In Today’s Deep Apace Extra… Experts from the Russian and U.S. space agencies are investigating Thursday’s safe abort of a Soyuz crew transport mission to the International Space Station (ISS) with urgency. It’s unclear, however, how the incident will affect long standing plans to return the Station’s current three person crew to Earth and replace them with a Soyuz launch in mid-December. NASA has extended efforts to address a gyroscope issue aboard the Hubble Space Telescope to the Chandra X-ray space telescope. James Morhard has been confirmed as NASA’s deputy administrator.
Human Space Exploration
Spacepolicyonline.com (10/12): NASA Administrator Jim Bridenstine believes Russia’s next Soyuz launch with cosmonauts and astronauts assigned to the International Space Station (ISS) will take place as planned, following last Thursday’s Soyuz launch abort with NASA astronaut Nick Hague and cosmonaut Alexey Ovchinin. Russia and NASA are investigating. The next Soyuz crew launch with U.S., Canadian and Russian Space Station crew members is planned for December 20, a week after U.S., European and Russian crew members aboard the Space Station since June are to descend to Earth.
Coalition Member in the News – Boeing
SpaceNews.com (10/13): In a meeting of NASA’s independent Aerospace Safety Advisory Panel (ASAP), members expressed concerns that efforts to re-instate a U.S. human launch capability with commercial companies may rise following the October 11 launch abort of a Russian Soyuz rocket launch to the International Space Station (ISS) with NASA astronaut Nick Hague and cosmonaut Alexey Ovchinin. Both men landed safely, but the ASAP session only hours after the incident heightened concerns over efforts by NASA’s Commercial Crew Program and its partners, Boeing and SpaceX, to carry out test flights next year leading to certifications and regular launches of astronauts to the orbiting science lab. Each company faces challenges.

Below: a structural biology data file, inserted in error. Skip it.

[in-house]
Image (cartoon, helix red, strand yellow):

Reuters (10/14): The International Space Station’s three person crew has enough supplies to sustain them for at least six months, a key Russian flight operations official, Vladimir Solovyov, is quoted as telling Russian news agencies in the aftermath of the Soyuz MS-10 launch abort early last Thursday. The rocket’s problems could extend to launches of Russia’s Progress re-supply capsules to the Space Station. NASA and Japan also launch cargo to the Station.
SpaceNews.com (10/12): Investigators late last week gathered debris from the plains of Kazakhstan, where it fell and scattered from the failed Russian Soyuz MS-10 launch on October 11. Without making final conclusions, Sergei Krikalev, Roscosmos director of manned spaceflight, noted that it appeared one of the four first stage boosters failed to separate correctly after liftoff and made contact with the Soyuz rocket’s second stage. Krikalev, a veteran cosmonaut, predicted an investigation into the incident might produce results by October 20.